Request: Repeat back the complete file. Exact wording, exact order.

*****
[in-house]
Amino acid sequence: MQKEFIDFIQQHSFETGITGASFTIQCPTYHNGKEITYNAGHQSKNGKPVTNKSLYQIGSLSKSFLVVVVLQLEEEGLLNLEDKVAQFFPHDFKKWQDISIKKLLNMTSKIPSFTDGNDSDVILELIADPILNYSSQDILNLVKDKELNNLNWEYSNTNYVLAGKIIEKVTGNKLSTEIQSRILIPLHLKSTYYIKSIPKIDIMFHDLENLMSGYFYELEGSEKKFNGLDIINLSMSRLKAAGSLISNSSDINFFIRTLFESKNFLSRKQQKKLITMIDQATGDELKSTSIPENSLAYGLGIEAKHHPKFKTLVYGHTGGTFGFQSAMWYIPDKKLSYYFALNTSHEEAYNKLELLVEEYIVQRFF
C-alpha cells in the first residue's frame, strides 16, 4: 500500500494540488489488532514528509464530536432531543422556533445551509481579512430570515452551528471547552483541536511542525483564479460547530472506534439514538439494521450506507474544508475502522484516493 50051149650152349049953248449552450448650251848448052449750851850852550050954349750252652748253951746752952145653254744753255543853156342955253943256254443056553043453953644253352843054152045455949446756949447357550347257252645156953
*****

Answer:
[in-house]
Amino acid sequence: MQKEFIDFIQQHSFETGITGASFTIQCPTYHNGKEITYNAGHQSKNGKPVTNKSLYQIGSLSKSFLVVVVLQLEEEGLLNLEDKVAQFFPHDFKKWQDISIKKLLNMTSKIPSFTDGNDSDVILELIADPILNYSSQDILNLVKDKELNNLNWEYSNTNYVLAGKIIEKVTGNKLSTEIQSRILIPLHLKSTYYIKSIPKIDIMFHDLENLMSGYFYELEGSEKKFNGLDIINLSMSRLKAAGSLISNSSDINFFIRTLFESKNFLSRKQQKKLITMIDQATGDELKSTSIPENSLAYGLGIEAKHHPKFKTLVYGHTGGTFGFQSAMWYIPDKKLSYYFALNTSHEEAYNKLELLVEEYIVQRFF
C-alpha cells in the first residue's frame, strides 16, 4: 500500500494540488489488532514528509464530536432531543422556533445551509481579512430570515452551528471547552483541536511542525483564479460547530472506534439514538439494521450506507474544508475502522484516493 50051149650152349049953248449552450448650251848448052449750851850852550050954349750252652748253951746752952145653254744753255543853156342955253943256254443056553043453953644253352843054152045455949446756949447357550347257252645156953